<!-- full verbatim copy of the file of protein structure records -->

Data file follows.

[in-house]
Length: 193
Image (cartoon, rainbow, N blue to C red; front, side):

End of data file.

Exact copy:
[in-house]
Length: 193
Image (cartoon, rainbow, N blue to C red; front, side):